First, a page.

Honda has today revealed its new CB750 Hornet naked bike as a new competitor to the likes of the Yamaha MT-07, Kawasaki Z650 and Triumph Trident.
The all-new model from Honda takes the form of a lightweight naked bike powered by a 755cc parallel-twin generating 67kW and 75Nm, and backed-up by Showa suspension and strong electronic rider aids.
For reference, the rivalling Yamaha MT-07 ($13,599) makes use of a 54kW/67Nm 689cc parallel twin motor (660cc in LAMS trim), although it does not feature rider mode adjustment.
Honda expects the new CB750 Hornet to arrive in Australia in the second quarter of 2023, with pricing to be revealed closer to that date. Notably, the Hornet’s 755cc engine exceeds the 660cc displacement limit for LAMS certification, which may put it at a disadvantage against competitors that offer both learner-friendly and full-power versions of the same model.
The Hornet’s all-new motor, which is expected to appear in other models including the rumoured Transalp adventure bike, is housed in a new steel diamond frame paired with 41mm Showa USD forks and a Pro-Link rear shock. Dual four-piston Nissin callipers squeeze 296mm discs at the front end.
Importantly, the CB750 Hornet can be tailored via four rider modes, Rain, Standard, Sport and customisable User, which control traction control, engine braking and power output. Information is shown on a 5.0-inch TFT dash.
The bike does not feature an inertial measurement unit (IMU) for cornering ABS and lean-angle-sensitive traction control, as is typical for the segment. A quickshifter will be offered as an option.
Tipping the scales at 190kg (wet), the Hornet should be approachable for most riders thanks to its 795mm seat height. For comparison, the Yamaha MT-07 weighs 184kg, while its seat height is rated at 805mm.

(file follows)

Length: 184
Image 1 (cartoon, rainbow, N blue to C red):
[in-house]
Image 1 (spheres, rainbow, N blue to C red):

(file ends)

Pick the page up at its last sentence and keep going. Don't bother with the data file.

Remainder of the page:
A 15.2-litre fuel tank is said to offer up to 340 kilometres of range, with fuel consumption rated at 23 kilometres per litre.
In Australia, the 2023 Honda CB750 Hornet will be available in two colour schemes, Graphite Black and Pearl Jasmine White, both of which are contrasted by red accents on the frame and forks.
“Before starting this project, we thought long and hard about what kind of performance we wanted to give to the rider,” said Honda project leader Fuyuki Hosokawa.
“We knew that it was essential to keep the classic Hornet top end power ‘hit’ and at the same time, as a new generation Hornet for modern times, we wanted the engine to have a really strong torquey feel and ‘throbbing’ sensation at low to mid rpm.
“Our aim has always been to match these to the lightest, most agile handling possible, to make every ride – even in town – as engaging and fulfilling as possible.
“To get the kind of performance and lightweight handling we wanted, we knew we had to develop an all-new short-stroke twin-cylinder engine, with a 270° crankshaft. This would not only deliver that top-end rush, but also the sporty low-down torque, ideal for riding in urban environments and powering out of corners on the open road.”
Spencer has a keen eye for hard news, and does some of his best living on deadline day. He loves more than anything to travel on his motorcycle, and is adamant that Melbourne Bitter is a world-class lager. He also knows how to operate the big computery thing in the office. By night, Spencer plays guitar with Melbourne punk outfit LOUTS.